As soon as we meet her, we also learn that she tried her luck in the human capital of this world. She had a job for a little while, which she kept by hiding her horns with a cap, but an accident quickly made sure she lost her job and her home. There might be a reason why the demon race is as distrusted as it is, but Restaurant to Another World is being quite tight-lipped on that front, so I'm pretty much left to wonder why someone so utterly kind, sweet and hardworking as Aletta would be ostracized from society like she is when she's essentially harmless. This puzzlement is shared by the master (whose name we never really learn), who hires her when he finds her sleeping in his cafe and learns a bit about her situation, and Aletta seems taken in by all this as if she had accidentally stumbled into some kind of paradise, which, given her lifestyle just before this, might not be far from the truth.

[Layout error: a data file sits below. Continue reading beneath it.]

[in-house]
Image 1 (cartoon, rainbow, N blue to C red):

Despite saying that the demon race is basically hated and hounded by everyone, most of the attendants at Nekoya seems rather indifferent about her being a waitress there. Sarah Gold, an adventurer of sorts, is the only one who really comments on her being a demon girl at all, and she forgets that quickly enough once she gets a taste of the food at Nekoya. Part of that might be because the Red Queen, one of the six ancient dragons who's also a regular at Nekoya, cast something on Aletta that, given her dialogue, marked her a "dragon's treasure", and by that extent, the protection of being just that. How that gift works, though, is anybody's guess, because Sarah noted Aletta as one of the demon people after the Red Queen had cast her spell.